We like to mix things up and plant a few flowers between. They’re good for attracting bees. Nasturtiums are also edible. Pallet bench in background…

Beets, carrots, cauliflower, parsnips, sprig cabbage, chard, black kale, savoy cabbage growing in the food forest
This thickly planted bed contains beets, carrots, cauliflower, parsnips, spring cabbage, chard, black kale, savoy cabbage (all grown from seed straight in the ground) and even a few strawberries.

Fruit bushes and trees are well worth the initial investment as they go on giving forever more and create shelter and the ‘foresty’ aspect of your food forest. Birds seem quite good at ‘planting’ the blackcurrant seeds; we’ve had some new ones come up in odd corners of the garden. They’re very low maintenance.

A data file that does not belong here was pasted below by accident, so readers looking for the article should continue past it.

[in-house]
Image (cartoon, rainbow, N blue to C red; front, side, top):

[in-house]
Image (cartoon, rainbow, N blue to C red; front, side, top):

Apples and red and black currants in the food forest.
Apples and red and black currants

Latest seeds planted:

Planned next in the garden: a polytunnel to be constructed of recycled pallets and reclaimed plastic, and a big patch of Jerusalem Artichokes!

Also see our articles Free Food for information on foraging and Making Compost, Reducing Waste, Saving Money for more gardening advice.

A Secret Garden

The Secret Gardening Club is a free to join club for seasoned and beginner gardeners alike. They supply a huge range of high-quality plants at up to 70% discount. Subscribers can sign up and subsequently receive notification as soon as new stock is available.

The prices are so low due to their close working relationship with a number of reputable plant nurseries across the UK. They take any over-supply and pass the considerable discounts on to customers.

Recommended reading: